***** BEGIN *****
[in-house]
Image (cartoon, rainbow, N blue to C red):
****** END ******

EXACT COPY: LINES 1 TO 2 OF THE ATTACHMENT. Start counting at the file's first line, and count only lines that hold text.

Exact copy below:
[in-house]
Image (cartoon, rainbow, N blue to C red):